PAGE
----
Housing market cooling, interest rate hikes coming: Carney
OTTAWA - Canada's hot housing market will likely start cooling off this quarter and continue at a lower level over the next few years, Bank of Canada governor Mark Carney says.
Carney told the House of Commons finance committee Tuesday that economic activity, particularly the housing market, has rebounded strongly from recession -- perhaps too strongly in the case of housing.
And he warned that Canadians should think carefully about taking on more debt, giving that current "extraordinary" low interest rates are likely to rise.
"We see a marked weakening in housing over the course of our projection (into 2012), starting from the second quarter of this year and over the balance," he said.
"We share concerns there are groups of Canadian who run the risk of being overextended on their finances."
The comments were not new for Carney. He has been warning about the record level of debt being held by Canadians for almost a year.
According to the latest data, Canadian households on average owe $1.47 for every dollar of disposal income, an all-time high that is supported by the fact interest rates are at an all-time low.
On Monday, Re/Max reported that luxury home sales soared in the first quarter of 2010 - the January-March period-with Canada's three largest cities recording increases of 300 per cent (Montreal), 263 per cent (Toronto) and in the Vancouver region, 184 per cent. Home prices have largely returned and surpassed pre-recession levels as well.
Carney says much of the spending on housing, which includes spending on home renovations, has been pushed forward by super-low rates and by the home renovation tax credit.
That level of investment won't be sustained, he said, adding that fixed-term rates on mortgages have already begun to rise.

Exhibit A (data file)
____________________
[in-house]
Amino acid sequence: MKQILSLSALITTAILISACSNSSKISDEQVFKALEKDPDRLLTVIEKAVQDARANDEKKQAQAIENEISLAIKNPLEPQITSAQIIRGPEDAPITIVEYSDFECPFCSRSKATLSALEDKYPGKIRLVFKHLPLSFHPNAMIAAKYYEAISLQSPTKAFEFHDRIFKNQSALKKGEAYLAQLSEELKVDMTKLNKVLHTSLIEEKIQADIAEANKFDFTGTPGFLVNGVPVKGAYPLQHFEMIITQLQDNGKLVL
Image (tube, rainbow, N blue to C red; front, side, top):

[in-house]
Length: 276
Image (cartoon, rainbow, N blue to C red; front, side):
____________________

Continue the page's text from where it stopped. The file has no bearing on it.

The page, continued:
He was more coy on when the Bank of Canada will begin to tighten its stimulative monetary policy, however.
Last week, Carney dropped his conditional pledge to keep the bank's policy rate at 0.25 per cent until at least July, leading many economists to predict a quarter-point or even half-point hike was coming at the next opportunity, June 1.
Carney described the dropping of the commitment as the bank already moving to tightening because markets now don't know when he will act.
As for more direct monetary tightening, Carney appeared to perturbed that markets had interpreted his words as having signalled an early interest rate hike.
"Nothing is pre-ordained," he said.
"Those who are trying to divine what we might do, should spend their time not parsing words but thinking about the level of economic activity, the outlook for inflation and where rates should appropriately be."
But he also made clear that rates will rise, if not on June 1, then possibly in July because the Canadian economy no longer needs an emergency monetary policy.
"Our message is that those extraordinary times ... have passed or are passing," Carney said.
Much of Carney's two-hour testimony was spent re-iterrating the bank's latest economic outlook, which it unveiled last week. In the bank's view, the Canadian economy will beat the G7 advanced economies with a 3.7 per cent growth rate this year, but will slow to 1.9 per cent by 2012, near the bottom of the pack among the G7.
That's partly because of Canada's aging demographics, but also Canada's woeful productivity growth record, he said.
The governor called on the country's corporations to invest more in machinery and equipment to improve productivity, saying that is the only way the economy can expand faster.
On the global recovery, Carney said the biggest risk involved exit strategies as governments move from pumping money into the system to taking action to control their mounting debt problems.
The governor also defended Finance Minister Jim Flaherty's opposition to a bank tax, which Canada helped derail in the meeting of G20 nations in Washington last week.
Carney said such a tax would lead to riskier behaviour on the part of financial institutions and would likely not be available in the next crisis since most governments would likely not set the proceeds aside for a rainy day, but pocket the new revenues.